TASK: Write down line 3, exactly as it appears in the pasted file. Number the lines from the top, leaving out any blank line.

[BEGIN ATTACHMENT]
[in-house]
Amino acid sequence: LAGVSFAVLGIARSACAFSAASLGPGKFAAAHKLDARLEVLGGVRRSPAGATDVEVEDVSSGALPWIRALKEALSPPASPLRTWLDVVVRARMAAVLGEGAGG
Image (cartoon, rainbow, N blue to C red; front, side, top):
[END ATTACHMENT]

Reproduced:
Image (cartoon, rainbow, N blue to C red; front, side, top):